SEATTLE - Thousands of Seattle area parents and their children are paying the price for a change that was supposed to help them.
When Seattle schools adjusted bell times, the intent was to help kids get more sleep. But for kids who play sports, the opposite is happening.
Eight-year-old Jack Sciafani knows soccer. And with soccer, like any sport, things don’t always go as planned. But Jack gets it.
“I’ve been playing soccer since I was three!” he said.
But this school year is different. A change in school bell times caused a ripple effect most people didn't expect.
“I'm kind of really tired because school starts at 7 something in the morning,” said Jack.
“It's hard. It used to be I didn't have to set an alarm. My kid would wake up and we've have plenty of time,” said Jack’s dad.
Across the field, through a sea of seemingly boundless energy, one mom struggles to keep her eyes open.
Jackie Mahlen's 10-year-old daughter Natalie, practices at Ingraham High School until 8:30 p.m.
“We don't get home until 9:30 p.m. and bedtime at our house is 8 pm. It's really affecting all of us. I have to bring her little sisters also,” said Mahlen.
“It's been very hard since she's tired. She has to take me to practice every day instead of two days. Sometimes she sleeps in the car,” said Natalie.
Jim McAlister is the coaching director for Seattle United Soccer Club.
It's unintended consequences, with schools going later, kids get out later, after school activities, football practice, so it's really affected the field usage that we have in Seattle,” said McAlister.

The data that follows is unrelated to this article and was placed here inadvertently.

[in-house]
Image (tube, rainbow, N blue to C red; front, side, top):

When Seattle Public Schools changed its bell times, it was like the straw that broke a camel's back when it comes to field space. In addition to high school fields opening up later, Seattle Parks pushed the availability of their fields back 30 minutes.
And later practice means darker ones, so fields that don't have lights are no longer usable.
At Jane Adams Middle School, the shortage means some high schoolers practice until 10 p.m.
“Seattle's a world class city. They need all sorts of amenities - great schools, theaters - but it also needs a place for its kids to play,” said one parent.
As a mom to twin girls who has found herself expecting another child in a few months, Jackie Mahlen is becoming accustomed to navigating the bumps in life. It doesn't make it easier, though.
“Knowing I have to get up earlier than everybody, I still have to make lunches for tomorrow. Breakfast, so I'm tired,” said Mahlen.
Is all this all worth it? The change in school and practice times has forced many parents to weigh that question now, more than ever.
“We’re trying to figure out how to juggle.”
When asked why he liked soccer, young Jack’s answer made a convincing case of why it just might be.
“I like how it’s a team effort. You’re more working together.”